Published: March 20, 2023 By

Rich with history and innovative design, Boulder is home to many architecturally impressive buildings. 

1. Mesa Laboratory at the National Center for Atmospheric Research

Designed by architect I.M. Pei in 1961, the plans for the National Center for Atmospheric Research took inspiration from the history of Colorado and cliff dwellings at Mesa Verde, with a modern perspective. The facility is split into separate “villages,” and is one of the designs that helped launch Pei’s career, which includes an expansive portfolio, including work on the Louvre.

A path leads through green grass to the tall main buildings of NCAR, positioned in front of the Flatirons

Credit: Leonard Segel

2. Carnegie Library for Local History

Inspired by Greek architecture, the Carnegie Library for Local History was built in 1906. It remains a vital resource for Colorado history, and is located on Pine St. and Broadway in downtown Boulder. 

View of exterior of Carnegie Library

Credit: Lauren Walters

3. Chautauqua Auditorium

As a part of the original Boulder Chautauqua development, the auditorium opened to the public on July 4, 1898. Used as a space for concerts, shows and events, the venue has hosted a wide range of artists including Ziggy Marley, Amos Lee and Joan Baez.

View of hill approaching Chautauqua Auditorium

Photo courtesy Colorado Chautauqua

4. Williams Village Towers

Originally completed in 1969, Williams Village has since grown to include newer buildings to provide more student housing opportunities. Stearns Tower stands out as one of the tallest buildings in Boulder, with stunning city views from a library located on the top floor. 

Old black and white photo of the Williams Village Towers

Credit: Carnegie Library for Local History/Museum of Boulder Collection

5. Harbeck-Bergheim House

The Harbeck-Bergheim House on 12th St. and Euclid Ave. most recently served as the Museum of Boulder prior to its relocation in 2018. Its said that while the building served as a personal residence, the top floor was used as a rollerskating rink. The space is now used by Women’s Wilderness, who occupies a quarter of the building and sublets to other groups focused on social and environmental justice issues.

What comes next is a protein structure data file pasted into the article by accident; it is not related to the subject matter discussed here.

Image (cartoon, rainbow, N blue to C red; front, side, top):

Exterior view from steps looking up to the Harbeck-Berheim House

Credit: Lauren Walters

6. The Academy Nursing Home

Built in 1892 and located on Lincoln Pl. and Aurora Ave., The Academy Boulder was originally a Catholic boarding school for women. The building itself features Richardsonian Romanesque architectural details and has since undergone renovations. It is now a senior living community. 

Perspective view of the exterior of The Academy

Credit: Lauren Walters

7. Spruce Street Mansion

Believed to be one of the oldest standing buildings in Boulder, this historic mansion located on 11th St. and Spruce St. is now used as office space for the Community Foundation Boulder County, a local nonprofit organization.

View through gates of the exterior of Spruce Street Mansion

Credit: Lauren Walters

8. Hotel Boulderado

Hotel Boulderado was the first luxury hotel in Boulder, after it opened to guests on New Year’s Day in 1909. To commemorate the rich history of the hotel, a grand ball is thrown each year on New Year’s Eve. 

Perspective view from street of Hotel Boulderado

Credit: Lauren Walters

9. Old Main

Constructed in 1876, Old Main was the first building built on the CU Boulder campus, and was the only building used by the university until 1884. While the campus has continued to expand, the building is still used for classes, office space and museum exhibits, such as the LEGO model of the campus. A restoration begin on the building in early 2024. 

View looking up at Old Main

Credit: Glenn Asakawa/University of Colorado

10. Boulder Public Library

The Main Library was built in 1961 by architect James Hunter, who also designed several other prominent buildings in Boulder, including the Boulder Medical Center and Boulder Municipal Building. The space features a coffee shop, access to the Boulder Creek and exhibit space in addition to its expansive library collection. 

Birdseye view of Boulder Library

Credit: City of Boulder